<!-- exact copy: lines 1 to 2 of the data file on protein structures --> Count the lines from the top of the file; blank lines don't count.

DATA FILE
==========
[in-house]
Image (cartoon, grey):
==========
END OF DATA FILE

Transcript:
[in-house]
Image (cartoon, grey):